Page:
Masters 2021: Bryson DeChambeau excited by 'secret' club for Augusta National title tilt

Bryson DeChambeau
Bryson DeChambeau had a dizzy spell during last year's Masters which was played in November after being delayed because of the coronavirus crisis
The Masters
Venue: Augusta National Golf Club Date: 8-11 April
Coverage: Live radio commentary on BBC Radio 5 Live, Sports Extra and BBC Sounds. Live text commentary on BBC Sport website from first drive to last putt on all four days. Daily highlights on BBC Two. Click for full coverage details

Bryson DeChambeau has a "secret" club for this week's Masters as he continues to "go down numerous rabbit holes" in his quest to win a Green Jacket.

The American was favourite to win when the last Masters was held in November after his six-shot US Open triumph.

He claimed his length off the tee made him view Augusta as a par 67, rather than 72, but he finished in a tie for 34th, 18 shots behind Dustin Johnson.

"There's something in the bag this week that's very helpful," said DeChambeau.

"I won't go into specifics but just know this has been a few years in the making and I'm very excited for it.

"Whether it helps me perform at a higher level, I'm not sure, because it's golf and you never know what happens.

"Definitely what I've seen on the driving range and what I've seen the last week in practice, there's some tremendous benefits to it."

It is being reported that the 'secret' club will be a driver with a loft of 4.5 degrees - most professionals use a driver with a loft of 9-10 degrees - as he plots a new approach to tackling the 445-yard par-four first hole.

"I'm trying to see how far right I can go, over the trees, on the first," said the world number five. "That is the line I want to take."

A general view of hole one at Augusta National
Most players on the first hole will aim to hit their ball over or to the left of the fairway bunker in the centre of this picture. DeChambeau is planning to go straight over the trees to the right of the bunker

The 27-year-old has also been working out new places to hit his tee shots on other holes to give him the best angle of approach into the notoriously quick greens.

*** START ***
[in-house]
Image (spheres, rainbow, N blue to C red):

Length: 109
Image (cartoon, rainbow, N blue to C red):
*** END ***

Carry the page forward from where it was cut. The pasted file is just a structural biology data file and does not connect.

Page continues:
"Number 11, I can squeeze it down the right side pretty far. Number nine, I can take it over the left trees and get into that big expanse of grass, which is cool.

"On five, I hit it over the bunkers into the wind. On three, try and drive the green this year. It's a little firmer this year.

"This is a place where I do put an expectation value that I think I have a good chance to play well."

DeChambeau's best finish in four appearances remains his tie for 21st as an amateur in 2016 but he has made winning the Masters his top priority.

"This has been on my radar since I was a kid and now I have accomplished winning the US Open, this is the next goal for me," he said.

"I will not stop my pursuit of knowledge of the game, knowledge of the body, knowledge of the golf swing, to give myself the best opportunity to win.

"It comes down to execution. You have got to be able to hit a great shot and execute when the pressure comes around.

"I can give myself the most advantages all day long, but if I don't go out and just execute it doesn't really mean much."

Thomas keen to help friend Woods

Justin Thomas heads to Augusta National on the back of a win at the Players Championship last month and looking to improve on his best Masters finish of fourth in November.

The 2017 US PGA Championship winner says he will miss the presence of Tiger Woods this week and has been regularly visiting the five-time Masters champion.

Woods is at home recovering from the career-threatening leg injuries he suffered in a car crash in February.

"I went over and saw him a couple times last week and I try to go over a couple times during the week whenever I'm home and see him," said Thomas.

"We texted Friday morning and he said it's kind of starting to set in. He's bummed he's not here playing practice rounds with us and we hate it, too."

The 27-year-old has also offered to help his fellow American in any way he can.

"That's just what I want to do for him, is just be like, 'dude, I'll do anything you want'," Thomas added.

"If you need me to help out with your kids, I can do that. If you're craving McDonald's and you want me to bring it over, dude, I don't care.

"I'm here for you and I'll help out however I can."

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